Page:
A teaser/excerpt from the short story by Brian A. Plank.

By the age of 3 years I knew that there was something significantly different about me…

From birth, I was extremely introverted and quite sensitive. And without a doubt – at least in my opinion – quite weird. Rather than embracing my eccentricities most of the other kids and their parents frowned upon or looked down on me. This added to my insecurities – which caused me to behave even odder. I was stuck riding on a circle constantly seeking an end to define where I should begin – to where I belonged.

I was a “gifted” child, but also one who refused to be lumped in with the other smart kids.

Unfortunately, I didn’t fare well with the “cool” kids either.

I did, however, have a gift for identifying with the kids who had learning disabilities or minor psychological difficulties – the “special needs” kids. I was – and still am – an empath. Being an oddity myself, I could understand the emotions and stigma associated with being different.

I was often anxious, and as a child I fought my shyness and eccentricity by acting even weirder than I really was. I spoke my mind in a manner that most of the other kids thought was strange. Eventually, I learned to dumb myself down. These days I would probably be considered as a high-functioning autistic. Even as a full-grown man I had one girlfriend suggest that I was “on the spectrum.”

As a child, rather than make a statement, I would ask odd or rhetorical questions, or repeat “why?” after every comment. Although my intent was honest and innocent, it wasn’t readily accepted by the regular kids. I just wanted to be myself and have fun. Because I was a very sensitive kid my feelings were easily hurt. I cried a lot.

I even remember feeling suicidal – I often prayed to God that he would take the ache out of my mind and heart.

I used to get a little riled up when I heard about schoolkids with “special needs,” because this phrase was generally used to describe kids with learning or behavioral deficiencies. I felt that I was also a “special needs” kid because I was never able to grasp how to fit in and socialize. Kids like me were generally referred to as the geeks, nerds, propeller heads, and so on…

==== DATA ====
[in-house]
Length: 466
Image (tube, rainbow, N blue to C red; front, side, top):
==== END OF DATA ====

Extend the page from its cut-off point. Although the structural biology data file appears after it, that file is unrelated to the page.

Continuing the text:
But there are a few of us who are special cases – we aren’t geeks or nerds – we are far more advanced than that. I think that because of our “gifts,” we are expected to be able to sort things out on our own. Instead of “special needs” we are often considered to be “advantaged.”

Having a high IQ does not mean that you will automatically succeed. Quite the opposite – I have met other exceptionally gifted people, and they too have had poor social-skills. We are the ones who are at the top of every class. We are the loneliest – very few people can keep up with us when we start to express our deepest thoughts.

We are deep thinkers. Intellectuals. Philosophers. Imaginers. Creatives.

Through no fault if our own, we are also the envied. This means that we are often easy targets for bullies. Most of us try to hide our gifts because of the associated stigma. I cannot count the number of times I have been told, “Well you are the genius…”

And if we disclose our gifts as I am now – we become instant targets and are dismissed as being arrogant, cocky, full of ourselves, full of shit…

Just as I am right now…

Now that I have many years of life experience, I have addressed and overcome many of my social skill issues. I like to think that I was – and still am – something of a champion for the underdogs. I am learning how to use my gifts for the betterment of humankind.

My mom often told me that everyone was weird – that it was natural to feel that way – but I knew that I was so weird that the weirdos thought I was weird. Upon thinking about it, Mom was pretty well an outlier in her own way as well.

But still, I am a weirdo…